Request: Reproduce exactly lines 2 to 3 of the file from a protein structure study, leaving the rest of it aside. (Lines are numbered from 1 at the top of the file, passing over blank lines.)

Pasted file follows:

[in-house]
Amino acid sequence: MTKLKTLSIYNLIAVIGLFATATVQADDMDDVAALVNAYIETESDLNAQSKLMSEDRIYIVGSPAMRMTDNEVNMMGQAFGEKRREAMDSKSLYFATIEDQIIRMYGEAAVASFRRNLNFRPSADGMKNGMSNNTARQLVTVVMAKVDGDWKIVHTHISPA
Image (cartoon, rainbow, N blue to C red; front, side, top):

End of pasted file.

Amino acid sequence: MTKLKTLSIYNLIAVIGLFATATVQADDMDDVAALVNAYIETESDLNAQSKLMSEDRIYIVGSPAMRMTDNEVNMMGQAFGEKRREAMDSKSLYFATIEDQIIRMYGEAAVASFRRNLNFRPSADGMKNGMSNNTARQLVTVVMAKVDGDWKIVHTHISPA
Image (cartoon, rainbow, N blue to C red; front, side, top):